Reaching new heights
Posted on Nov 18, 2021 by Verity Butler
Dejero knows no bounds as it delivers an uninterrupted cellular climbing livestream, documenting a climb of Spain’s toughest peak – by an athlete recently diagnosed with ALS
Located in the Macizo Central region of the Picos de Europa in Spain, the Naranja de Bulnes is a limestone peak dating back over 200 million years. Though not the highest of the range, it’s huge within Spanish mountaineering culture – particularly for its 550m vertical wall. Scaling it is no simple feat, but Spanish sports figure Miguel Ángel Roldán (Mikel) recently took on the climb. He has amyotrophic lateral sclerosis, and made the attempt to raise awareness of the condition. Livestreaming this extraordinary event was a task relished by local production company, JTM Broadcast. The team delivered live coverage across multiple internet and social media platforms, aided by Dejero’s EnGo transmitters, in a remarkable act of cellular strength.
“Mikel was suddenly diagnosed with ALS at the age of 41,” describes RF engineer for JTM, Javier Trifol. “After finding out, he gave up for a while. But, eventually, he decided to make the most of life; with the help of friends and firefighters from his hometown, he took on climbing Naranjo de Bulnes – while he still could.”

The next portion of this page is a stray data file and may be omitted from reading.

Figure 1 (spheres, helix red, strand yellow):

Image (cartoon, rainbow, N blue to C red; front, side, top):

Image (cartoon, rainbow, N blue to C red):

Following Mikel on his ascent were three cameras for video and audio feeds. There was also a fixed camera and a drone – fed using a wireless link into a mixer and combined.
“I quickly realised this was more than a broadcast of a sporting event. It was portraying the harshness and suffering the challenge poses for whoever does it,” continues Trifol. “We received the three-camerabfootage at the base camp. From there, we transmitted the images and voices of the commentators to a position with mobile phone coverage. Here, we used an EnGo to transmit the signal to the studio in Bilbao where it was being streamed.”
Despite the expected cellular difficulties in a mountainous district, Dejero’s EnGo delivered internet connectivity over mobile networks. This linked to Dejero’s cloud server, which in turn published live streams via RTMP to the NIREStream distribution platform. Footage was available to broadcasters, as well as Facebook, YouTube, Instagram and, perhaps most crucially, a large screen located in Mikel’s hometown. The EnGo’s Emmy award-winning, Smart Blending Technology helped environments get mobile signals to such an extreme geographical location. It aggregates diverse wired and IP connections to form a virtual ‘network of networks,’ delivered as a single, reliable service.
“The ascent was the most technically complex feat I’ve faced, but the most rewarding, too. I’m so confident in Dejero, I didn’t even take any backup equipment,” Trifol concludes.
This article first featured in the autumn 2021 issue of FEED magazine.